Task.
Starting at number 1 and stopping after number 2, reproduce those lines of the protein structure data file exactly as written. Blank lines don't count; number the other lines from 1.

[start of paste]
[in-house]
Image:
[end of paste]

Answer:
[in-house]
Image: